I have rented my house twice and both times have had tenents from hell. first ones drilled holes in the house and brought electrical wires out from inside, Left in the middle of the night , the coldest weekend of the year and had the electricity turned off on friday and EMAILED me they moved out on Sunday night!!!! not only did everything freeze up in the house but the took everything that wasn't nailed down.... didn't leave a forwarding adress,,,and were supose to be friends. Re plumbed the whole house, gutted the bathroom and totally redid and this renter came in and put big nails in the new woodwork. ask her if she wanted curtin rods and never got an answer, just bigger nails in the woodwork. She is over weight and neglected to tell me she couldn't walk so she sits in an office chair and wheels all over the house. she has been there 6 months and has ruined the not only the new vinyl flooring in the bathroom ( not to mention she has removed the new shower fixtures) but the vinyl in the kitchen and the hardwood floors in the living room and dinning room. Oh yeah lets not forget the Big satellite dish she had installed on my bran new roof !!!
anyway I am not liking being a landlord and figure will not renew this lease and just gut the house redo it and sell it!!!
After my husband left, I started renting out rooms in my home. I rented out the basement to someone who has been my friend for about 6 years. She lived there for about 11 months.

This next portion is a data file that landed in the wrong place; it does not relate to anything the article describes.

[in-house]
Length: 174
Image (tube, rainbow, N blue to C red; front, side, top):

I asked my tenant to move out. Things had been bad for a while, we got in an argument and I asked her to find a new place to live.
Then the hell started.
Fist she put the padlock back on my shed. I was going on business trip and needed to get into my storage shed to get my suitcases. I asked her to open it and she refused. I had to call the police. They talked her into opening it for me.
Then she was furious with me after the police left. She kept me up until three in the morning, slamming doors, turning on every light in the house and pouring water all over my house. I would wait until she went back downstairs, clean up the mess, turn off the lights and try to go back to sleep. She would run back upstairs and do it all over again. Even kicking my door open and flipping on my light while I was in bed attempting to sleep.